Maple Fiber | American Society of Baking
Commercial Baking Ingredients:

Maple Fiber

What is maple fiber?

Maple fiber is a multi-functional ingredient sourced from red maple trees and water using a specialized process. It is an insoluble dietary fiber made up of cellulose, lignin and other non-starch polysaccharides naturally present in red maple and most other plants.1

It is well suited for the production of:

  • Yeast-leavened products
  • Chemically-leavened sweet goods
  • Fresh baked goods
  • Pasta and flatbreads
  • Clean label dry mixes for pancakes and waffles
  • High-fiber, protein bars cereal-based products
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Red maple is one of the most common and widespread deciduous (hardwood) trees of eastern and central North America.  Red maples can be sustainably harvested. They grow well in a wide variety of environments and are prolific seed producers. Maple fiber product is produced from red maple using a simple, yet proprietary, water extraction process.


Being a natural multi-functional ingredient, maple fiber can be used in the food and baking industry as a:

  • Water binder for moisture retention: extension of textural shelf-life
  • Emulsifier alternative to eggs and to highly modified emulsifiers
  • Thickener in batter formulations: replacing thickening functionality of eggs and modified starches
  • Hydrocolloid improver: especially for gluten-free formulations
  • Stabilizing agent: to prevent gas coalescence in doughs and batters
  • Dough conditioner: for bread and buns formulations, in synergy with hemicellulases and cellulase
  • Fiber enriching ingredient: for low-calorie/high-fiber cereal products

Nutrition and health

Maple fiber is made up from basic complex carbohydrate components typical of plants. Namely, cellulose, hemicellulose and lignin. All of these non-starch polysaccharides are considered digestive fibers with recognized physiological and digestive benefits.2

Commercial production

Maple fiber is produced through a proprietary supercritical water process known as Plantrose™ technology. This process requires no harsh chemicals or organic solvents. Instead, it only uses water at high temperatures and pressures to break down the plant cell walls. Under such conditions water acts as a solvent to extract cellulose, lignin, and other dietary fiber compounds.


Maple fiber can be used as a source of dietary fiber in the production of high-fiber and low-calorie breads. As a dough conditioner, it provides enhanced gas bubble stability.  This is a result of its viscosity building in the dough liquid phase. Its optimal dosage ranges from 0.1 to 0.5% (based on flour weight) without creating too much competition for proper gluten hydration development.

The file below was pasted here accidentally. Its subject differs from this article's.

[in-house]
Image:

Process and formula considerations when adding fiber

Edible plant fibers typically bind large amounts of water which can be held through the baking process.3 This is the reason for the high moisture content of fiber-containing bread. Also, their tendency to form a slightly fragile crumb if not baked accordingly. Cellulosic fiber, a natural component of maple species, has high water binding capacity.  There are strategies to prevent sidewall collapse during cooling and slicing of fiber-containing bread. While processing, increase:

  • Oven temperature from burners output, and maintain normal bake times
  • Baking time with same temperature profile
  • Exhaust rate to remove humid air from baking chamber
  • Air speed by forced convection systems


  • Increase levels of gluten and oxidizing agents
  • Decrease crumb softening emulsifiers, such as GMS and maltogenic amylase
  • Use stronger or high-protein flour

Sponge and dough system as process ally

Maple fiber performs well in sponge and dough (S&D) systems. This is because they allow for properly pre-hydrating highly water-competitive ingredients that tend to limit the functionality of gluten-forming proteins in the dough. This is critical in the production of high-specific volume pan bread.

FDA regulation

Maple fiber that’s produced using the Plantrose process is affirmed as Generally Regarded as Safe (GRAS) in the United States. It is a dietary fiber under the FDA’s regulations and guidelines because it is made of mixed cell wall fiber, including cellulose.4


  1. BeMiller, J.N.  “Cellulose and Cellulose-Based Hydrocolloids.” Carbohydrate Chemistry for Food Scientists, 3rd edition, AACCI. Published by Elsevier Inc. in cooperation with AACC International, 2019, pp. 223–240.
  2. BeMiller, J.N.  “Carbohydrate Nutrition, Dietary Fiber, Bulking Agents, and Fat Mimetics.” Carbohydrate Chemistry for Food Scientists, 3rd edition, AACCI. Published by Elsevier Inc. in cooperation with AACC International, 2019, pp. 323–346.
  3. Nelson, A.L. High-Fiber Ingredients, Eagan Press Handbook Series, American Association of Cereal Chemists, Inc., 2001.
  4. Review of the Scientific Evidence on the Physiological Effects of Certain Non-Digestible Carbohydrates.” The Food and Drug Administration. 14 June. 2018.